The woman agreed with Judge Fahy that at some point in the future she and his father would want to rebuild some sort of relationship with their son, but it would have to be done away from their home.

Judge Fahy said things had been bad, but matters had got a lot worse when the son had started drinking alcohol and taking drugs as he got older. Those addictions had exacerbated matters, she said, and had come to a head when the parents were being assaulted in their own home.

She said it was clear the man needed urgent treatment. She said he was very, very seriously addicted to drugs and alcohol and he would require residential treatment with follow-on aftercare.

The offences occurred while the accused was on bail and that made his offending behaviour even more serious, the judge observed.

She sentenced the man to four months in prison for assaulting his mother and imposed a consecutive four-month sentence for obstructing Garda Killeen when she went to arrest him on December 7.

A consecutive four-month sentence was imposed on him for breaching the Safety Order on December 7, but it was suspended for two years on condition that he be of good behaviour and not reoffend during the next two years; link in with the probation service within 24 hours of his release from prison; attend any residential rehabilitation centre identified for him; and that he stay away from his parent’s home during the period of the suspension.

Concurrent, but suspended one-month sentences were imposed for the remaining breaches of the Safety Order. The sentences were backdated to December 7, when the man first went into custody.

“He now knows he cannot go back home and he will need another residential address. I do hope he is serious about getting treatment for his addictions and that his parents give him the support he needs. That is up to them and I know it’s going to be difficult for them, given what has happened,” Judge Fahy added.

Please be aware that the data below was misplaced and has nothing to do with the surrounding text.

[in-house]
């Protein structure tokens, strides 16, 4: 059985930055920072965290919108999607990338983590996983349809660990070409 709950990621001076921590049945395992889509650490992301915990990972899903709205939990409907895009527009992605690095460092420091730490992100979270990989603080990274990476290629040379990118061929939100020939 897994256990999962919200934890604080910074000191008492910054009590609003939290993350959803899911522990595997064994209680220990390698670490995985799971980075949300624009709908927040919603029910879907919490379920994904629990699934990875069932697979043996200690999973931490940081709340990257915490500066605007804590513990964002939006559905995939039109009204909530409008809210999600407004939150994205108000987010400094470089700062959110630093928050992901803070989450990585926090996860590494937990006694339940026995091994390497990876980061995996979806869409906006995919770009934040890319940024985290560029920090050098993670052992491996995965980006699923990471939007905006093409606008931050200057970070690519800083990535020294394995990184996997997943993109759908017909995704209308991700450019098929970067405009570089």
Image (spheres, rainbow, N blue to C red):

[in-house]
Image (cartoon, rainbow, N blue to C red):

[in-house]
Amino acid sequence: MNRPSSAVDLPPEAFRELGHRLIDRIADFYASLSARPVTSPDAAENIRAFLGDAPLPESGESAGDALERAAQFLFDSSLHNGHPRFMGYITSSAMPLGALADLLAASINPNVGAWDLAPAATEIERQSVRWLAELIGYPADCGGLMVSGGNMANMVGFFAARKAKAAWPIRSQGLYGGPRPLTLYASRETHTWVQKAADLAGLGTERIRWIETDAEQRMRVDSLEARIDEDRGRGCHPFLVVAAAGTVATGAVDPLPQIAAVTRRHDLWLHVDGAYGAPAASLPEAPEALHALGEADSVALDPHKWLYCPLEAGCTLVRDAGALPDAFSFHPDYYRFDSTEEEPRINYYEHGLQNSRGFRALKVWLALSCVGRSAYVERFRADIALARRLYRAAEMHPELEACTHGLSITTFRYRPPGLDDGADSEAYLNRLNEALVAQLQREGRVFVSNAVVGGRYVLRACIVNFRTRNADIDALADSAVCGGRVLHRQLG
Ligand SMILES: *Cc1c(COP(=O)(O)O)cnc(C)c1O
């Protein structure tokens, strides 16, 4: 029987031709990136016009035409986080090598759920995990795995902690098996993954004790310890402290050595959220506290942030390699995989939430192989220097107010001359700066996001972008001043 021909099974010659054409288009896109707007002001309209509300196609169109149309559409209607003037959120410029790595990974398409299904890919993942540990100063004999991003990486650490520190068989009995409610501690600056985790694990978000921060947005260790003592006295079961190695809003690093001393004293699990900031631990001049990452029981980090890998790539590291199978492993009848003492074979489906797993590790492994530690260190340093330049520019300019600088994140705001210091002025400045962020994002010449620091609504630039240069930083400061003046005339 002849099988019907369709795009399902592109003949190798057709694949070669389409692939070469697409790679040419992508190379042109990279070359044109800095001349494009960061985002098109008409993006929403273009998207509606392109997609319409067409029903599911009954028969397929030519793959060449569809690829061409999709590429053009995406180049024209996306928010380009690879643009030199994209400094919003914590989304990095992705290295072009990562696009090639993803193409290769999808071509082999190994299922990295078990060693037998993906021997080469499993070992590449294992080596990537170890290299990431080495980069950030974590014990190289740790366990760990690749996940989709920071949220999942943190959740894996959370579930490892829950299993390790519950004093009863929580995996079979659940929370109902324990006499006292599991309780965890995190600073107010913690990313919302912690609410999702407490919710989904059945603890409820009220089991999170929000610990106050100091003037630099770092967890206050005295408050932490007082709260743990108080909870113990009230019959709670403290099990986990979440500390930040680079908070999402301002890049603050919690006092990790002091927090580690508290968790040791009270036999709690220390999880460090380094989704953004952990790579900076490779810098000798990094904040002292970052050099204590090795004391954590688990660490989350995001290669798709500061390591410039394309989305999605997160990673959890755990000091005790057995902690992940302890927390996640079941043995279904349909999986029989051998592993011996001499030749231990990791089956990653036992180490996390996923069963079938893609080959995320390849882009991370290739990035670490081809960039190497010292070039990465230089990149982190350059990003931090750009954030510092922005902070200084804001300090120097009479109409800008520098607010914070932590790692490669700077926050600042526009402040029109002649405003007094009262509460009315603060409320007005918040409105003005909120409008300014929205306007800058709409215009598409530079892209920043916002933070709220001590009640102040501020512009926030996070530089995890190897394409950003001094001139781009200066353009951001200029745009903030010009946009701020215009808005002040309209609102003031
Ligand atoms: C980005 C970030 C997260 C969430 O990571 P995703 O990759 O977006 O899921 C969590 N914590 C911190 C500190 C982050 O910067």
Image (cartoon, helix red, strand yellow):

Leave to appeal the sentences was granted on the man’s own surety of €600 and one independent surety of €800 with half of each amount to be lodged in cash in court.

Judge Fahy stipulated the independent surety would have to be approved by the court.

She said the man would also have to provide a residential address, stay away from his parent’s home and that he liaise with the Resettlement Team and addiction services while in prison, pending the outcome of any such appeal.


Council to consider new pedestrian ‘plaza’ for Galway City

Stephen Corrigan



From this week’s Galway City Tribune – Councillors will be asked next month to consider a sweeping overhaul of traffic flow in the city centre as the local authority seeks to create a more pedestrian-friendly core in the wake of Covid-19.

Currently under proposal in City Hall are major alterations to traffic flow which will allow for restricted car access to Middle Street – creating additional outdoor seating space for businesses in the area struggling to cope amid social distancing requirements.

Senior Engineer at City Hall, Uinsinn Finn, said they are currently considering three different proposals to alter traffic flow on Merchants Road, Augustine Street and Flood Street to reduce the need for car access to Middle Street, while still maintaining access for residents.

“We already pedestrianised Cross Street and we will be maintaining that, and there will be a proposal for Middle Street and Augustine Street.

“Businesses in the area are very much in favour of pedestrianisation – one business has objections but the others are supportive. Another consideration is that there are residents there with parking spaces and we are trying to encourage people to live in the city centre,” said Mr Finn.

The Latin Quarter business group submitted proposals for the temporary pedestrianisation of Middle Street and Abbeygate Street Lower but Mr Finn said the proposals the Council were considering were more in the line of creating adequate space for pedestrians while still allowing residents vehicular access.